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At Former Soviet Nuclear Test Site, "Best Not To Take Souvenirs"

Hundreds of atomic bombs were detonated at the Semipalatinsk nuclear test site in eastern Kazakhstan during the Soviet regime. Scientists are now conducting research on the site, which was shuttered 25 years ago, to evaluate how radiation affected the reg

At the Semipalatinsk nuclear test site, aka the Polygon
At the Semipalatinsk nuclear test site, aka the Polygon
Nataliya Nehlebova

THE POLYGON — At first, it's hard to tell where the Semipalatinsk nuclear test site begins as the scorched steppe stretches to the horizon. But turning onto a dusty road signals that we've reached the site, also known as the Polygon. Fallen telegraph poles lie on yellowed grass. You can see broken pillars and bridges torn in half. Concrete pillars mark the borders of the Polygon, which at 18,500 square kilometers is more than half the size of Belgium.

Inside the Polygon, strange four-story constructions, called gusaki, or "geese", loom like dark giants. They do resemble colossal birds, with their long, charred necks stretched toward the sky. They were built in the 1950s to house nuclear equipment and armored long-range cameras that were capable of filming explosions at seven frames per second.

These "geese" buildings, with scorched walls, tumbleweed and narrow arrow slits, look onto the explosion site. Small, shiny pearl-like rocks that appear transparent in the sun lie on the short, stiff grass that surrounds these structures. These rocks are called kharitonchiki, after Yulii Khariton, the chief designer of the Soviet atomic bomb, even if no one really knows what these rocks consist of. Scientists believe they could have formed during the explosions when quartz settled on plutonium, smelted, and later fell to the ground as black droplets.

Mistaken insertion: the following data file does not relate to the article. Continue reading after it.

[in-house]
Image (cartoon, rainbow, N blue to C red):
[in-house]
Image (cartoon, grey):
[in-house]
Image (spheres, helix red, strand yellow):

"It's best not to gather souvenirs, they're radioactive," says Andrey Panitsky, head of the ecosystems department at the Institute of Radiation Safety and Ecology.

To study the effects of a nuclear explosion, extensive infrastructure had been built around the bombs: houses, military tanks, planes, ships. There's even a metro station underground. Sheep and dogs used to be tethered while the bombs were tested. At the Polygon museum, you can see the flattened brown organs of these animals preserved in formaldehyde next to information stands about ruptures and bleeding. You can even press the very button that launched the first bombs. A phone next to the command post at the Polygon has a direct line to the Kremlin.

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Dog's brain in formaldehyde on display at the Polygon museum — Photo: Ben Dalton

Petrovich, my driver, races through the former test site to the epicenter of the blasts. The soldier accompanying us hands out masks and tells us to wear three pairs of shoe covers. "They tear quickly," he explains, "and we don't have anything else."